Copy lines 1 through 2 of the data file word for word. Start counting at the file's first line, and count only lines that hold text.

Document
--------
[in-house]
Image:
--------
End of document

[in-house]
Image: